Fruit trees are a wonderful addition to the garden, not only do they look pretty, but they supply you with an incredible fruit harvest year on year. As well a fresh fruit to eat, it can also be used in a variety of ways to make it last through the winter too. With the UK being a colder climate for a lot of the year you might wonder what will realistically grow in your garden, but actually, there are a quite a few different fruit trees that will establish beautifully and produce fruit without much intervention from you.
3 Fruit Trees You Can Grow In Your Own Garden:
The great thing about apricots is they’re self-fertile, meaning there’s no complicated pollination process for them to produce fruit. Modern varieties are able to do very well in the UK, producing a generous crop that’s ready to harvest in late July and August. Apricots trees do best in deep, moisture- retentive and well-drained soils. Ideally, it will be slightly alkaline. When you’ve eaten all of the delicious sweet apricots you can handle, you can dry the rest for tasty snacks. Dried apricots also work well in dishes like tagines or chopped up on cereal or in muesli. Drying is easy- simply pit the ripe fruit, slice in half and put them on a sheet in a warm oven. Properly stored they can last six to twelve months.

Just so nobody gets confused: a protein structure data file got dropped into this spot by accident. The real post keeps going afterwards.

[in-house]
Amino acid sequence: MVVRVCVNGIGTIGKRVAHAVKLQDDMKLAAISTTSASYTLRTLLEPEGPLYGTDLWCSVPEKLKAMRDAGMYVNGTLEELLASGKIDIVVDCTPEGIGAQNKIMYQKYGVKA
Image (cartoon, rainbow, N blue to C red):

Plums are another great choice, producing bumper crops of sweet and juicy fruits that are ready to pick late summer. In fact, they often do so well that the branches can snap under the weight of all the fruit! If you look at plum trees online, choose a self-fertile variety such as Blue Tit, Giant Prune, Victoria or Manns No1. These are perfect for amateur gardeners and will produce fruit without any messing around from you. If you have a glut of homegrown plums to use, how about making a tasty plum sauce?
Once they are established, pears need very little care throughout the year and make a tasty autumn harvest. A pruning once a year will ensure the best crop and a sprinkle of fertiliser in spring. Something even the least green-fingered people could manage! Pears are best picked just before they’re fully ripe and allowed to ripen for a week or so afterwards depending on the variety. Choose a suitable partner (a different type of pear) to pollinate, or again choose a self fertile variety which you will find at various garden centres and nurseries. Use pears to make a chutney that works perfectly with blue cheese, or slice them up and add them to a salad for a fruity twist.